May 14, 2019 07:09 PM
(ABC 6 News)-- Like most working professionals who operate under high-pressure situations, nurses don't always think of their own health needs.
Tuesday, about a thousand nurses gathered to hear keynote speaker, Ginny Beeson speak on the importance of self-care in the nursing field. Beeson, who is a retired nurse and U.S. Navy Captain says the difficulty in the profession is causing a shortage of nurses around the country.
"A lot of nurses are leaving the bedside today around the country because the work is so very very difficult and it hard, and it's not what they thought it was going to be," said Beeson.
Nurses experience patients, but also patient families, and when working closely with patients that don't have good outcomes those emotions tend to stick with them. As a registered nurse, Emily Schad shared that the emotional toll the job takes is one of her main adversities.
"Sometimes you get to celebrate with your patient that they got great news, and then you step into the next room and it's a patient who just kind of got news that we're at the end of the line. and you have to be able to shift emotions quickly and be there and support your patients," said Schad.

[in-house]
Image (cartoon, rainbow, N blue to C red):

Because of that constant emotional shift, Emily says that nurses lose sight of themselves.
"I think nurses are so good at taking care of other people, but sometimes we forget about ourselves and our coworkers a little bit," said Schad.
Beeson recommends that nurses make a friend "best friend" that offers them a chance to vent about the things that they are experiencing. She also says helping each other out can make a big difference.
"Practice incredible teamwork, and to work together and support each other and help each other because the work we're doing on patients is very very hard, and I believe that nurses take incredibly fabulous care of patients, and I want us to take that kind of incredibly fabulous care of each other because the work is so demanding," said Beeson.
Created: May 14, 2019 07:09 PM
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